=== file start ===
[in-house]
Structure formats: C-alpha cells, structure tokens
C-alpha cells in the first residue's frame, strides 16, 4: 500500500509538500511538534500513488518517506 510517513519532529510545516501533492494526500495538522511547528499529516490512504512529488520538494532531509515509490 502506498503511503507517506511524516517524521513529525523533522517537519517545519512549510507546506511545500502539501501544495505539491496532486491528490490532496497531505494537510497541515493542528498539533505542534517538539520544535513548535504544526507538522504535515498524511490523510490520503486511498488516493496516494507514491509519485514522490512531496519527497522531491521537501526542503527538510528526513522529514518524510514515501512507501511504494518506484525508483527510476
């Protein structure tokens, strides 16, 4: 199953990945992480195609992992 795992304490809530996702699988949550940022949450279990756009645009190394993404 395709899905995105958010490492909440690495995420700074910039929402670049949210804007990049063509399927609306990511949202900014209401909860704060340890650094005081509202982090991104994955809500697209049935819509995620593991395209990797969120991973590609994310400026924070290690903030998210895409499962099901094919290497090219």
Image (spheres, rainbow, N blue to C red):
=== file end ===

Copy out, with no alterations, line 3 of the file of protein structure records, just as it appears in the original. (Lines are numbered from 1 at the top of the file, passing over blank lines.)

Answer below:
C-alpha cells in the first residue's frame, strides 16, 4: 500500500509538500511538534500513488518517506 510517513519532529510545516501533492494526500495538522511547528499529516490512504512529488520538494532531509515509490 502506498503511503507517506511524516517524521513529525523533522517537519517545519512549510507546506511545500502539501501544495505539491496532486491528490490532496497531505494537510497541515493542528498539533505542534517538539520544535513548535504544526507538522504535515498524511490523510490520503486511498488516493496516494507514491509519485514522490512531496519527497522531491521537501526542503527538510528526513522529514518524510514515501512507501511504494518506484525508483527510476